Rep. Marjorie Taylor Greene, Fox News host Tucker Carlson.
Amanda Andrade-Rhoades/AP Photo, Chip Somodevilla/Getty Images
- After a spate of mass shootings in the US, right-wing figures have suggested a link to antidepressants.
- Rep. Marjorie Taylor Greene and Tucker Carlson have claimed several mass shooters took SSRIs, suggesting they are to blame.
- Experts say the claims are a “political diversionary tactic.”
After the mass shooting at a Fourth of July parade in Highland Park, Illinois – the latest mass shooting to horrify the United States– several right-wing figures suggested that antidepressants could be to blame.
“When are we going to have an honest conversation about drug abuse, mental illness, and SSRIs??? And deadly side effects,” Rep. Marjorie Taylor Greene wrote on Twitter, referring to a type of antidepressant.
“It’s time to stop blaming the gun and have honest conversations about the real causes of mass shootings,” she said.
On his show, Fox News host Tucker Carlson made a similar connection between SSRIs and mass shootings.
“A lot of young men in America are going nuts. Are you surprised? And by the way, a shockingly large number of them have been prescribed psychotropic drugs by their doctors, SSRI or antidepressants, and that would include quite a few mass shooters,” he said.
Psychiatrists say that there is little evidence to suggest the medications could increase homicidal tendencies.
“Blaming medications as a primary contributor to the spate of mass shootings simply isn’t supported by evidence, and to me represents more of a political diversionary tactic than a real scientific theory,” David Rettew, a child and adolescent psychiatrist and medical director of Lane County Behavioral Health in Eugene, Oregon, told Insider.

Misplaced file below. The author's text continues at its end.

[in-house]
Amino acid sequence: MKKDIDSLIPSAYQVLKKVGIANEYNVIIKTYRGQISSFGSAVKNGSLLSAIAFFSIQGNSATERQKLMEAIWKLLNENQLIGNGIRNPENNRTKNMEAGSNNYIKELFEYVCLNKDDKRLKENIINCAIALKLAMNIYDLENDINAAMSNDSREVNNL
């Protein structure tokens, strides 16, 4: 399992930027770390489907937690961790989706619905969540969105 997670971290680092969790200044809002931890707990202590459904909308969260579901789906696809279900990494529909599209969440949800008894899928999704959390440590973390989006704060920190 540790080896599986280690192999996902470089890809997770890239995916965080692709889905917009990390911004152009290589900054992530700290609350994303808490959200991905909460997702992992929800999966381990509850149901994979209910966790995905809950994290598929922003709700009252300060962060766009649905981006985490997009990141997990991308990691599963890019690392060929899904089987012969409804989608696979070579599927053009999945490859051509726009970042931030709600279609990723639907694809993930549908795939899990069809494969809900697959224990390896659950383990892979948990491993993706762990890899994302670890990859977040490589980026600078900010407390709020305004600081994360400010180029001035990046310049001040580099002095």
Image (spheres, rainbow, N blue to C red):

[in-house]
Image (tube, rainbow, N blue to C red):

What are SSRIs?
Selective serotonin reuptake inhibitors (SSRIs) are used to treat depression, anxiety, and other mood disorders, according to WebMD. They help make more serotonin available by blocking the reuptake process.
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SSRIs are the most commonly used antidepressants as they are considered relatively safe and cause fewer side effects than similar medications, per WebMD.
Like any medication, SSRIs have some potential side effects, which include insomnia, headaches, nausea, agitation, and reduced sexual desire, WebMD says.
Are antidepressants linked to violence?
The question of whether antidepressants cause an increase in violent tendencies is a complex one.
Antidepressants have been linked to higher rates of suicide risk among young people, according to the FDA, but experts say there is no evidence to suggest they increase violence or homicidal urges towards others.
“On an individual basis, I never say never when it comes to a medication reaction because people can have some extreme sensitivities,” Rettew said.
“However, people have been studying antidepressants or SSRIs in various systematic, randomized, double-blind controlled ways, and homicidal shootings just don’t show up as a side-effect in these trials.”
When Insider asked Rep. Greene’s office for evidence of her claims about SSRIs and violence, her spokesperson replied by pointing to one of her tweets, which links to a page listing school shooters who supposedly took psychiatric drugs.
—Rep. Marjorie Taylor Greene🇺🇸 (@RepMTG) July 5, 2022
Similarly, during his monologue on his Fox News show on Tuesday, Tucker Carlson named several mass shooters who he claimed were taking SSRIs, such as Zoloft and Prozac, including the Columbine shooter and Charleston church shooter.